Weekly Wire
Weekly Alibi Affliction

By Devin D. O'Leary

MARCH 8, 1999:  Paul Schrader has always been one of America's most iconoclastic film figures. Sometimes a writer (Taxi Driver, Raging Bull, The Last Temptation of Christ, The Mosquito Coast), sometimes a director (Hardcore, American Gigolo, Cat People, The Comfort of Strangers), Schrader bridges the wide gap between mainstream polish and envelope-pushing edginess. Although his well-honed skills brand him as one of Hollywood's top talents, Schrader seems most comfortable when making his viewers slightly uncomfortable.

Schrader's latest dual-duty effort is no exception to the rule. With Affliction, Schrader serves as both writer and director, adapting Pulitzer Prize nominee Russell Banks' unsettling rustic crime novel of the same name. Labeling Affliction a "crime" story is a bit of a misnomer. Although, initially, the film bears a passing resemblance to such icy northeastern crime flicks as Fargo and A Simple Plan, Affliction quickly metamorphoses into a frightening psychological study of American masculinity and the indelible nature of familial violence.

Nick Nolte stars as Banks' protagonist, Wade Whitehouse--a middle-aged cop on the payroll of a tiny, economically depressed New Hampshire town. Wade is saddled with a bitchy ex-wife, an unruly daughter, an alcoholic father and--to top it all off--one hell of a toothache. Though Wade's job amounts to little more than a glorified traffic cop, he is briefly roused from his sad sack stupor by the accidental shooting death of a powerful union boss--one of the town's "summer people." Wade suspects that the union man, who allegedly died during a hunting accident, may have been murdered. Complicating the situation is the fact that Wade's best friend Jack (Jim True) is the only witness and, therefore, the prime suspect.

While Wade tries in his own stumbling way to winnow out the truth of this mysterious death, his personal life is slowly crumbling around him. Watching his family fall apart, Wade is haunted by visions of his childhood growing up with a horribly abusive father (James Coburn). Glen Whitehouse, still alive and kicking in his booze-soaked 80s, continues to make life hell for his son. This father-son dynamic soon becomes the central issue in Affliction.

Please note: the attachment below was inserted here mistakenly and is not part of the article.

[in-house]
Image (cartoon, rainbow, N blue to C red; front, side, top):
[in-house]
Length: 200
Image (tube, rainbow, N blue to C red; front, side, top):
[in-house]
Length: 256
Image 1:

Banks' novel pondered the chain of domestic violence as it passes from father to son. Schrader's film takes it a step further, speculating on an entire environment of hopelessness (from Wade's childhood to his dead-end hometown to his directionless pals) which makes Wade's fate seem almost inevitable. As Wade, Nolte digs into one of his most complex characters and emerges with a well-deserved Best Actor Oscar nomination. Coburn, acting well against type as the vitriolic monster of a pop, lands himself a Best Supporting Actor nod as well.

Some of Schrader's best works have been literary adaptations, and Affliction is certainly among the best. Thanks in large part to some narration by Willem Dafoe--who shows up eventually as Wade's younger, wiser brother--Affliction retains an air of intelligence and a depth of character which can only be described as "literary." Schrader has always mused on the abusive use of violence (particularly in his collaborations with Martin Scorsese), and Banks' novel provides him plenty of grist for the mill.

Those expecting Affliction to slide easily into a genre will find themselves at a loss. Schrader's film travels a long, dark path. While the alleged crime which sparked this whole story slips further and further into the background, it becomes a thriller of an entirely different sort. Murders, Mob dealings and puzzling criminal investigations--these are the stuff of Hollywood movies. As a hero, Wade Whitehouse is too weighted down in his own psychic damage to fit into some standard Hollywood crime thriller--he's, instead, forced to confront a set of much more personal villains. In this harsh emotional environment, a simple murder for profit would be almost a comfort.

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